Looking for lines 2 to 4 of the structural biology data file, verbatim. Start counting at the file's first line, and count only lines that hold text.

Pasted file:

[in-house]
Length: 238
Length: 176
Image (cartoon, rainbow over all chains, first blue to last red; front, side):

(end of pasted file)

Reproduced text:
Length: 238
Length: 176
Image (cartoon, rainbow over all chains, first blue to last red; front, side):